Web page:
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People v. Johnson


October 17, 2003


The opinion of the court was delivered by: Justice Rarick


Docket Nos. 90678, 90693, 90706 cons.-Agenda 1-November 2002.

These consolidated cases come before us in the wake of our decision in People v. Blue, 189 Ill. 2d 99, 138-39 (2000), wherein a unanimous court held that the cumulative effect of prosecutorial misconduct and trial error had deprived the defendant of a fundamentally fair trial and thus warranted reversal notwithstanding overwhelming evidence of defendant's guilt. In Blue, this court recognized that a pervasive pattern of error, engendered in the main by prosecutorial misconduct, had divested defendant of his right to a fair, orderly, and impartial trial, a substantial right that inures to a criminal defendant " `whether guilty or innocent.' " Blue, 189 Ill. 2d at 138, quoting People v. Bull, 185 Ill. 2d 179, 214 (1998). In Blue, where the trial was permeated by the presentation of emotionally charged evidence, and the prosecutors "encouraged the jury to return a verdict grounded in emotion, and not a rational deliberation of the facts" (Blue, 189 Ill. 2d at 139), the members of this court, acting "as guardians of constitutional rights and the integrity of the criminal justice system" (Blue, 189 Ill. 2d at 139), reversed and remanded for a new trial. Disposition of the instant cases requires that we further delineate the dimensions of Blue, applying the principles and standards of review utilized in that case.

Consolidated for purposes of appeal are the cases of People v. Johnson, No. 90678, People v. Cowley, No. 90693, and People v. Parker, No. 90706.

Defendants Cowley and Parker were co-defendants of Murray Blue, and their trials involved the same prosecutors, James McKay and David O'Connor. Cowley's case was severed from Blue's and the two were tried simultaneously, but with separate juries. Parker's jury trial took place several months later. Ultimately, Parker and Cowley were each convicted of first degree murder and two counts of attempted murder. In addition, Cowley was convicted of two counts of aggravated battery with a firearm and possession of a controlled substance with intent to deliver; Parker was convicted of two counts of possession of a controlled substance with intent to deliver.

The appellate court reversed the convictions of both defendants, relying upon our decision in Blue. In Cowley, the appellate court noted the errors this court had identified in Blue, and the bases of this court's disposition in that case, concluding, "Our supreme court reviewed the exact record before us, and we are bound by its findings of error." Cowley, 317 Ill. App. 3d 834, 842. The appellate court "reverse[d] in accordance with" Blue. Parker, 317 Ill. App. 3d 845, 853.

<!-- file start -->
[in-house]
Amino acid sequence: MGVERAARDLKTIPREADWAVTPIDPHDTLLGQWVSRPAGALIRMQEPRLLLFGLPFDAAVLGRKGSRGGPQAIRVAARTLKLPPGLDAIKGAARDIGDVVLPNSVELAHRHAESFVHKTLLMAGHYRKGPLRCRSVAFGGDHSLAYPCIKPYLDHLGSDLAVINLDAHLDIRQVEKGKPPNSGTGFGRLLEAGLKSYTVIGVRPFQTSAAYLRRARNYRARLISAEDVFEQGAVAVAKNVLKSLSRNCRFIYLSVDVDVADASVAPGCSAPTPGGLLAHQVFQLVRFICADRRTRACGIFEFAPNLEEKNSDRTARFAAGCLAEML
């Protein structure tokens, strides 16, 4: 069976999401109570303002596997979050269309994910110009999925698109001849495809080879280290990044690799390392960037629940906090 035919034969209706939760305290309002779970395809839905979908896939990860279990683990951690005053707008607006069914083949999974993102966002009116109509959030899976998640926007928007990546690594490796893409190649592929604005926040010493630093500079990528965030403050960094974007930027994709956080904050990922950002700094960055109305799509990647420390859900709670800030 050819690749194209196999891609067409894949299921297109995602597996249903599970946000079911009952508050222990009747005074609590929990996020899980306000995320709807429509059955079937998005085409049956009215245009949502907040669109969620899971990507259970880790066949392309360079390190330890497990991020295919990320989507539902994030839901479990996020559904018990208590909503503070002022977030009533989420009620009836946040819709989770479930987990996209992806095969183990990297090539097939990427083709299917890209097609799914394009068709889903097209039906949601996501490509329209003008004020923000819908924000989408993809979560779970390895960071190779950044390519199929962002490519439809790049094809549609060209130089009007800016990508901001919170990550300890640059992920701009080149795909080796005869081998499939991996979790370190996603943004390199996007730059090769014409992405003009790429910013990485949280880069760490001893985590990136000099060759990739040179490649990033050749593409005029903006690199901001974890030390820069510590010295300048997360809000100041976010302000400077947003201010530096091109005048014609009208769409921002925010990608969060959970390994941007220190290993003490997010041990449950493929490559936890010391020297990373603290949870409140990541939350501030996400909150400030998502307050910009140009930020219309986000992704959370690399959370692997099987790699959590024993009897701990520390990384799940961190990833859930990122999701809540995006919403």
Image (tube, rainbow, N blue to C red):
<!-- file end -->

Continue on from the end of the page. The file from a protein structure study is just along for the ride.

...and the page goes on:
In Parker, the court similarly stated:

"Because the supreme court reviewed a similar record and found error as to identical evidence and similar tactics as evidence[d] in this record, and found that Blue did not receive a fair trial despite overwhelming evidence of his guilt, we are bound by the findings of the supreme court that the errors were so fundamental to the integrity of the judicial process and of such magnitude that the accused here was denied a fair trial. Accordingly, this defendant's convictions should be reversed as he was denied a fair trial." Parker, 317 Ill. App. 3d at 850.
The records in Parker and Cowley are indeed similar to that of Blue; they are not identical.

Defendant Johnson was tried before a jury and convicted of first degree murder and three counts of aggravated discharge of a firearm. The appellate court reversed and remanded, stating:

"The defendant claims he was the victim of prosecutorial excess during his murder trial before a jury. He was. He was inaccurately described at trial as a convicted narcotics salesman and a convicted felon. In addition, his failure to testify was argued by inference and his lawyer was referred to as `a professional criminal defense lawyer.'
*** We conclude that serious trial errors, taken in combination, were not harmless beyond a reasonable doubt." Johnson, 317 Ill. App. 3d 666, 667-68.
The appellate court also concluded that it was not required to decide whether any one error would result in reversal. Johnson, 317 Ill. App. 3d at 676-77. The court quoted from Blue: " `Cumulatively, we find that the errors created a pervasive pattern of unfair prejudice to defendant's case.' " Johnson, 317 Ill. App. 3d at 677, quoting Blue, 189 Ill. 2d at 139.

Thus, the common threads that bind these cases for purposes of appeal are alleged patterns of prosecutorial misconduct and related trial error, the utilization of cumulative-error analysis, and reliance upon this court's opinion in Blue.